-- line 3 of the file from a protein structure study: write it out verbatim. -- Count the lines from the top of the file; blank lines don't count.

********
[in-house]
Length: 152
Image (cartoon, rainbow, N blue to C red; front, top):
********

Image (cartoon, rainbow, N blue to C red; front, top):